Katherine Winkert, a disabled nurse, writes, “The reasons I participate in the Grassroots Action Center are mainly selfish. I have been quite ill for 25 years, often requiring long hospitalizations or bedrest at home, so I have a big stake in a cure or useful treatments being found for CFIDS. Grassroots advocacy allows me to feel better about myself and accomplish political goals at the same time.”
Several people mentioned their homebound status as a primary reason for using the Action Center – Lobby Day on Capitol Hill and other “live” events are simply beyond their means, so the online center gives them a way to be part of a group with shared goals. For Jane Mostowitz, it helps break the isolation she often feels. “It’s hard for individuals to go it alone, and I feel that responding to alerts and advocacy is my way of helping.”
Others understand that making CFS “real” by introducing policy and media influencers to the realities of the patient experience is an important agent in change. One of our "anonymous" champions expressed this well. “I think adding real people to the voice of advocacy is very powerful. If we are going to find a diagnostic marker or screening test, effective treatments and a cure, we need to advocate for funding for research and education.” She adds, “using the Action Center is an effective and meaningful way to contribute to the cause.” Working with others to effect change motivates all of our champions, but Theresa Lombardi urged, “We must all stick together. The more people e-mailing and speaking out, the better, as a group, to push for the cure. Let’s not suffer in silence.”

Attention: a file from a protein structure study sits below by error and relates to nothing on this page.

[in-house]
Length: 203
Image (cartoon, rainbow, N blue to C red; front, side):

We also heard from people who said the easy-to-use site made it appealing to respond to our Action Alerts. Support group leader Claudia Wendlandt told us, “Whenever I receive an Action Alert, I urge my group to use the Grassroots Action Center. It is so easy to use. The letters are already written and the only thing that needs to be added is a paragraph about their experience.” Another support group leader, Carol Sieverling, writes, “I love using the Action Center. It makes it easy to engage in advocacy with a minimal investment of energy and time.”
Several of our champions hoped this article (and our recognition of their efforts) would inspire more people to respond to Action Alerts. Paul Hueber, asked us to pass along his observation; “Let other [people with CFS] know that this is a very easy but effective way for us to raise awareness among various government officials and media groups. And by raising awareness, we will hopefully be able to raise more funding for research and treatments. It only takes a couple minutes to send an e-mail using the links and templates that are provided.” Katherine Winkert added her endorsement, “I thank the CFIDS Association of America for providing the site and making it so easy to use. I encourage anyone who has enough energy, cognitive ability and a computer to get involved in the grassroots advocacy system. I have learned that even when I am homebound and feeling terrible, I CAN make a difference!
We’ve thanked our Grassroots Champions with a Spark! t-shirt. Want to see your name on the list of Grassroots Champions next time? Visit the
Action, sign up to receive Action Alerts through the listserv and send your first or 50th message. You’ll reap the benefits—feelings of inclusion, empowerment and before long, perhaps something more tangible too! Center